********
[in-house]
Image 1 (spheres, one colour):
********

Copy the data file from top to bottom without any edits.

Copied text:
[in-house]
Image 1 (spheres, one colour):